There are almost 15 000 000 Google hits for "paint in the edges", eg:
I also paint in the edges of the base at this stage [ – ] it makes the
whole thing look so much tidier when it[']s finished.
This shows that at least one related verb takes the particle / adverb (jury's out on this) 'in', which gives the sense 'add a necessary/desired part of the whole drawing / painting ...'. (Note that 'I also paint the edges of the base at this stage' has a different meaning, unavailable with 'draw'.)
'Draw in' can be used to mean 'add as a required part of the drawing' (eg
Draw in the trees using a dabbing motion with the side of the knife to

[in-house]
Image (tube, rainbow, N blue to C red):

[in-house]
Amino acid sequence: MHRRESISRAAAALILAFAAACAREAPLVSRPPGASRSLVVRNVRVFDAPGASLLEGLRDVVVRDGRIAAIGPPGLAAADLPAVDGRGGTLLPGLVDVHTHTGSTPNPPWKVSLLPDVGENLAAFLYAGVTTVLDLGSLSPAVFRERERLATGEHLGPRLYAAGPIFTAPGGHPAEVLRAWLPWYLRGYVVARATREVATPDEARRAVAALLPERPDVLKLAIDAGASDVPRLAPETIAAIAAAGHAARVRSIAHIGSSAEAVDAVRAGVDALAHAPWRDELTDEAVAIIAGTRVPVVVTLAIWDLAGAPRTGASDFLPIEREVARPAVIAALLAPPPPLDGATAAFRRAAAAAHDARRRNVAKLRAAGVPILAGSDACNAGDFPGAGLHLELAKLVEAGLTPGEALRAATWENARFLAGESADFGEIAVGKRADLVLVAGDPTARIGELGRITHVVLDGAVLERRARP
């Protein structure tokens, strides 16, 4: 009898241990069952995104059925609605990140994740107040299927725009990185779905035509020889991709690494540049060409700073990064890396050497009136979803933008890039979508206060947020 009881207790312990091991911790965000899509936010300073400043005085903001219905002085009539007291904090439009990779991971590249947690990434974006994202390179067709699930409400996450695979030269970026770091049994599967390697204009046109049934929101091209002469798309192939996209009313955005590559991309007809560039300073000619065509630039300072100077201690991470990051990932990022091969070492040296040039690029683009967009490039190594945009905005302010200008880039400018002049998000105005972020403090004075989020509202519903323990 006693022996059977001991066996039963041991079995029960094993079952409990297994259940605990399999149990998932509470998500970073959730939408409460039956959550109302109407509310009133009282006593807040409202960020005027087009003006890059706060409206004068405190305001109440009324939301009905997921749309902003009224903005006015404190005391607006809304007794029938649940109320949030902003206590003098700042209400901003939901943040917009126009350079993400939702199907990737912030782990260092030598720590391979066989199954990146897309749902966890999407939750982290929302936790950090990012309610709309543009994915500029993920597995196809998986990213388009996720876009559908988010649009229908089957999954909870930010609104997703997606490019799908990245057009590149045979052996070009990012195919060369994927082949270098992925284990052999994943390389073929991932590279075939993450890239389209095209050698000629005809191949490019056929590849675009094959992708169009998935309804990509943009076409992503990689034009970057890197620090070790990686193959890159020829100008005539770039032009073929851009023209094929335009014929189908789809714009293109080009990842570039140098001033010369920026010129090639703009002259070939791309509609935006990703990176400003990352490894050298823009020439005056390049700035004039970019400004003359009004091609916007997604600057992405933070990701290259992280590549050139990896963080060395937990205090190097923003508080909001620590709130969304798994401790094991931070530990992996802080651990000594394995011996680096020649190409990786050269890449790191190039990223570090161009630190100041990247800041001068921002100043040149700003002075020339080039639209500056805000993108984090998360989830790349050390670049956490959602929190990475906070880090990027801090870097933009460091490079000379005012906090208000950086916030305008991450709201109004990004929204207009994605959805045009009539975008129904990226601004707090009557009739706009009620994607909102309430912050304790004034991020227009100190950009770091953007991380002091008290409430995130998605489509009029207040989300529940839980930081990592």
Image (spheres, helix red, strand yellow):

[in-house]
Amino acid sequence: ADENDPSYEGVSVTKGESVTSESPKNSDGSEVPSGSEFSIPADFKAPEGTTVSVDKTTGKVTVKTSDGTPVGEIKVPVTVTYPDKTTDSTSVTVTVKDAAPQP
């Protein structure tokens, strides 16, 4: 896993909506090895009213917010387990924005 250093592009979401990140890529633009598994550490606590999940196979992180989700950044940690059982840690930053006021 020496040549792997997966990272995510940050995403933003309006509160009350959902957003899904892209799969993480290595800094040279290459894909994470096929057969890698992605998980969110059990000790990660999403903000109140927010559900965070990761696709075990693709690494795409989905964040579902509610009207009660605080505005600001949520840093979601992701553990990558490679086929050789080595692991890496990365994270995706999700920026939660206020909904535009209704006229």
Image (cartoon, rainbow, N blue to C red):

create a bark look.
Next, we draw in the flowers and the jug.
from the internet), but perhaps a simple 'added', 'or 'added to the drawing', sounds less junior-school register. Here, 'the plotted points are now connected to show the edges' might work.
A slight complication with 'draw in' is that it has other meanings, as a true multi-word verb. See Macmillan Dictionary. The word 'in' is made to do many jobs in English – it's little wonder people get confused. And it's such a small word!